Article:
“The Young Nationals are of course a voice for young Australians who want to be part of the democratic process in politics and they have an opportunity to influence, I suppose, party policy. But they are only a very, very small part of our party. Our policy positions are always endorsed at conference annually around the state [and] the Young Nationals would only represent a very small number [of members] at best. The reality is, can they influence policy? No. But they can get on the floor and debate issues and at times that can be embarrassing for the party.”
The former deputy prime minister and Nationals leader Tim Fischer, speaking to ABC Sydney, blamed the rise of the alt-right in Australia in part on social media helping groups build networks as well as “people falling between the cracks” of economic growth.
“They have an agenda which is poison, which is toxic, at a time when we want unity of purpose in this country,” he said. “All I can say is as parliament resumes our colleagues down there in the Nats room will be discussing this and making sure it’s dealt with at another level.”
The Lads Society was founded last year, renting an office space in Cheltenham, a suburb in Melbourne’s south-east. It has since expanded to Sydney, where it also meets in an undisclosed location.
It describes itself as a “traditional-style men’s fraternal society” but is the latest project for former members of the defunct far-right group the United Patriots Front, including Cottrell, its former leader.
The group hosts regular fight clubs and posts videos of the meetings online.
The ABC’s Background Briefing investigation revealed three members of the Young Nationals had attended the meetings, while other members of the party had racist in-jokes containing coded references to Hitler, and theories of a global Jewish conspiracy related to the alt-right movement.
In a statement on Saturday, the Young Nationals said “radical ideologies have no place” within the party, and announced they would carry out an “urgent investigation” headed by the party’s constitution and ethics committee.
“Allegations regarding the infiltration of the NSW Young Nationals by ‘alt-right’ and/or ‘far-right’ persons or groups is of the [utmost] concern to the NSW Nationals,” the statement read.’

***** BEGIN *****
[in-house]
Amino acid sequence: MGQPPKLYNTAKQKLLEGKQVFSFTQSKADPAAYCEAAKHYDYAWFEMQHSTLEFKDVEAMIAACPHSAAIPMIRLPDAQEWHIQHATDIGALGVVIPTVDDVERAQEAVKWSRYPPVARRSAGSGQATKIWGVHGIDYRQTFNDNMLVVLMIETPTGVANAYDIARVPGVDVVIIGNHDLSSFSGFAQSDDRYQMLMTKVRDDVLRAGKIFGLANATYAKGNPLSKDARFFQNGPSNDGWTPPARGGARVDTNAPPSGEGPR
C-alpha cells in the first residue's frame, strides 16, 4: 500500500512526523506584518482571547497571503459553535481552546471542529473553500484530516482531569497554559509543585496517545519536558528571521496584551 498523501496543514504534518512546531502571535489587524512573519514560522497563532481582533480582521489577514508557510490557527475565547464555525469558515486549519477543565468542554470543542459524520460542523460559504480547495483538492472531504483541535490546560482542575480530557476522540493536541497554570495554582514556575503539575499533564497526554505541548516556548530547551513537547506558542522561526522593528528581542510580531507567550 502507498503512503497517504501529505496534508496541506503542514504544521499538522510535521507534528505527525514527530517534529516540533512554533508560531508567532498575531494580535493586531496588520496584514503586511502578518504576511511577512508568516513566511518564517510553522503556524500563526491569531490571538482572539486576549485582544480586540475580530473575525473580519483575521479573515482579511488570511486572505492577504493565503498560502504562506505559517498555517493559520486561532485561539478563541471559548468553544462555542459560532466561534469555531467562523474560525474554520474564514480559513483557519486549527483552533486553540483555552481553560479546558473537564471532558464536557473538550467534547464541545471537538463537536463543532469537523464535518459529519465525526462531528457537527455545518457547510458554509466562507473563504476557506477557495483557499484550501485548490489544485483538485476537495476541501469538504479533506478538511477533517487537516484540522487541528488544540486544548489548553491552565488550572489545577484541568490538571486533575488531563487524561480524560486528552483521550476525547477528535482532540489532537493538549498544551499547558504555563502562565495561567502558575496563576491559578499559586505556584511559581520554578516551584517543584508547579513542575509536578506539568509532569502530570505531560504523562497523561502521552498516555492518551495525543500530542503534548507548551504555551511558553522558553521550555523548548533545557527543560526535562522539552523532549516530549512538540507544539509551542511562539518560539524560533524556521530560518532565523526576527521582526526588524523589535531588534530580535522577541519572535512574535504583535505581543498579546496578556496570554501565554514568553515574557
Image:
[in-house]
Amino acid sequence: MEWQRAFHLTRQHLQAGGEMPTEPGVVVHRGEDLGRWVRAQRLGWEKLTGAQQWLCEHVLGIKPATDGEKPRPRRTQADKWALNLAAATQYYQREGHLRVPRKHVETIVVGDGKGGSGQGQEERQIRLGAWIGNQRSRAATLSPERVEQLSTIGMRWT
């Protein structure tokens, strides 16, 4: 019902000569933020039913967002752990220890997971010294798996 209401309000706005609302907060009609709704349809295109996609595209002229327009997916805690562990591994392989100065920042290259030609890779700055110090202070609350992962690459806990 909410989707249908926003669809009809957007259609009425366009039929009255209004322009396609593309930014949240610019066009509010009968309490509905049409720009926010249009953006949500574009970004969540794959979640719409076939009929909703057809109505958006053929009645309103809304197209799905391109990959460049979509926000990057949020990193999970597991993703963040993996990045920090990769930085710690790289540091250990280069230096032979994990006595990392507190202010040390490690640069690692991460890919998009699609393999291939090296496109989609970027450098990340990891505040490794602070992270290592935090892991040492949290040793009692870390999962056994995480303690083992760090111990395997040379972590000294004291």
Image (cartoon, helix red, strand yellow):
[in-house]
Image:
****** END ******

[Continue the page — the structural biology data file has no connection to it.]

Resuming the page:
The subject Kaz Ross ABC propaganda piece: ‘The New Nazis: How the meme-rich world of the internet is a threat in Australia’
– October 14, 2018 – by Dr Kaz Ross, lecturer and coordinator in Asian Studies, in Global Cultures & Languages at cash strapped Tassie Uni
Tassie Uni motto translated: “Open to foreigner talent cashed up and keen on migrating.”
‘Everyone’s Nazi these days, it seems. Bothered by punctuation mistakes? You’re a grammar Nazi. Like to protest hate speech? A leftist Nazi.
Nazi is most often used in our society to describe a person intolerant of the beliefs of others. It’s become a confusing term, with some even believing that Nazis were actually socialists (for what it’s worth, they weren’t).
In Germany, the use of Nazi symbols is still prohibited, although a ban on Nazi imagery in computer games was recently lifted. But at the same time, the tightening of anti-hate speech mechanisms on social media platforms (including heavy fines in Germany) has led to an exodus of neo-Nazi groups. Many are moving their cyber-activities to unregulated online spaces such as the Russian-hosted platform VK.
Yet on the streets of the United States and European countries like Germany and Sweden, identified neo-Nazi groups are still regularly marching and demonstrating on hot button issues like immigration. Sometimes that action results in violence to property or people such as in Charlottesville or Gothenburg. The sight of swastika flag-waving men shouting “Jews will not replace us” and “blood and soil” while marching en masse is genuinely terrifying.